Dr. Suzanne Alt worked at CPS clinics in Missouri and Iowa in 2015. Her lawsuit pointed to inflated bills to both Medicare and Medicaid and unnecessary drug tests. When she asked a supervisor why CPS never used cheaper drug tests, she was advised to “test the CPS way.” A month later, she was fired.
Dana Brown was a radiology scheduler with CPS during 2014. She alleged she had been forced to forge Dr. Kroll’s signature to allow the company to bill the government for radiology services provided by unlicensed individuals.
Mary Butner was an insurance specialist who worked at CPS’s offices from 2012 until her employment was terminated in 2016. She claimed she was forced to forge Kroll’s signature over 44 times a day.
Jennifer Pressotto was CPS’s director of compliance during the first half of 2014. She alleged she found out her employer was knowingly mislabeling medical devices that were not covered by government programs in order to be able to bill them for said devices. After confronting Davis, who was CEO at the time, she was fired “in direct retaliation,” for asking him to return the misappropriated funds to the government.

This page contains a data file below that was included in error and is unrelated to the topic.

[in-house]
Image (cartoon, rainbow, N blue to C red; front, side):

Allison Chancellor is a doctor’s assistant who worked at a CPS in Illinois during the first half of 2015. In her lawsuit, she alleged CPS billed the government for unnecessary drug tests, psychological tests, and DNA tests with the purpose of boosting government billings.
“In many cases, CPS staff do not review the patients’ urine drug screen results and did not use them in medical management of the patient, or would review them at such a later date from the test that the results were of questionable use —sometimes over two months after the tests were performed,” Chancellor’s lawsuit states.
June Kimbrough, a nurse, and Dr. Scott Steed, an anesthesiologist, are both Mississippi residents, but little else is known about their connection to CPS. Their whistleblower lawsuits also mentioned unnecessary tests and fraudulent billings.
If a favorable verdict or settlement is reached, the whistleblower could receive millions of dollars in awards. Under the False Claims Act, tipsters are entitled to between 15 and 30 percent of the government’s recoveries, as long as they file a lawsuit with original information about fraud.
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Image of Dr. Peter Kroll & associates from PRWeb.